Well, Burnsy had the pit board out in the mechanics’ area, and we were just focusing on laptimes. I don’t know, I was in 12th, and me and Shorty [Andrew Short], I caught up to him and wasn’t really catching him too much most of the race – I think he came through the pack with me in front of me – and I hit lap 13, I think, and all of a sudden dropped down to like a 1:03 something. I don’t know, everything just started to come together, I got into a really good flow, and I just kept pushing and managed to make some quick and clean passes and move myself up into that position. I knew I was in sixth, and I could see the board [the light-up top-five sign on the floor] and who was in front of me, so I kind of had an idea of where I was, but I tried not to focus on that and just keep the lightswitch on and not throw it away and ride a solid 20 laps.
It really did look like you caught a flow, and that’s what you said. You were hitting the same lines every lap and it looked like you just rode the wave to the finish line from about halfway. How often does that happen?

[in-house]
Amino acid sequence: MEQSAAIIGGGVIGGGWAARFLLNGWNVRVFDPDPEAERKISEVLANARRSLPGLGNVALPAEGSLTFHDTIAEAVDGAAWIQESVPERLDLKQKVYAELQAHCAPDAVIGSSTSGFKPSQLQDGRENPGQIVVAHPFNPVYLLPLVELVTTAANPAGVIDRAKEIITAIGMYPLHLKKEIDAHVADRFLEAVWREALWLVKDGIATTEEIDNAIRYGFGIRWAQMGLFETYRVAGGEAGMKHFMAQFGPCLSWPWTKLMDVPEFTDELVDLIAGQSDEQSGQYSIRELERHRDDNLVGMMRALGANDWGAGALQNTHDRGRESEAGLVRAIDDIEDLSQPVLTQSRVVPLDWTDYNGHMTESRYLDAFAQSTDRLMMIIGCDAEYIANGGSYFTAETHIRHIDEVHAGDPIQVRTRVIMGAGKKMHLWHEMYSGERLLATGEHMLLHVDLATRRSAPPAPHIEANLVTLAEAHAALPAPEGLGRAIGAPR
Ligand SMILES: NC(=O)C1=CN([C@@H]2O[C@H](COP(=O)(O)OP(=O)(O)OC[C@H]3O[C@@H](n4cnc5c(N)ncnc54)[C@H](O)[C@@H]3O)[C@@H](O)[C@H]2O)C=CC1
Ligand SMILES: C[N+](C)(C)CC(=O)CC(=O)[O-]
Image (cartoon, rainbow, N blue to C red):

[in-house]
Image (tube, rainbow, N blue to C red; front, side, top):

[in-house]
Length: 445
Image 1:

It was kind of the same thing in my Lites races at the last couple of rounds – even at St. Louis. I didn’t have the greatest of starts, but I’d been burning laps with Johnny O’ [Johnny O’Mara] and Ivan, and they’ve been helping me out a lot. My supercross riding, I think, has gotten to the next step, where I needed it to be, but my starts weren’t coming to me. But I had that flow on the little bike, and I felt good at those rounds to come up to where I had finished, especially in St. Louis. I got sixth and I was taken out one time when I was passing for fifth. But I managed to still come up and get sixth place. The flow was there, and I think that the first two rounds on the 450 – I got 13th the first round, and 11th the second – I was learning the bike, but even at the second race in Salt Lake, I caught that flow, and I got by myself on lap five and started hitting the triples and hitting the big sections until I went down. I went back to the test track and did the same routine before Las Vegas, and did some outdoor riding, too, on the 450, and I went to the supercross track on Thursday and did some sprints, and after only a few, I said, "That’s it, Burnsy, we’re done. I feel good. I don’t even want to ride anymore." I went into the weekend and had an awesome heat race, and I think that helped me out racing with Chad [Reed] and Ryan [Dungey], and I put in a third place in that heat. Me and K-Dub [Kevin Windham] locked bars going into the first corner of the main, and we didn’t have the greatest start, but I kind of followed him for three laps, but he got by some guys a little quicker than I did. The laptimes are so long there, though, that it’s almost like an outdoor, so I just kept my head down and kept pushing. I had 28 laps of supercross left coming into Vegas, so I tried to make sure that all 28 of them were good.